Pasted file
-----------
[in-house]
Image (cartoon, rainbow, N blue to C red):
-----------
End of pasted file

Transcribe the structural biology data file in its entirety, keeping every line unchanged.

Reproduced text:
[in-house]
Image (cartoon, rainbow, N blue to C red):